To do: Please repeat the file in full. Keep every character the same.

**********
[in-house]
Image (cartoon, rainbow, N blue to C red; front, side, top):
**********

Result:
[in-house]
Image (cartoon, rainbow, N blue to C red; front, side, top):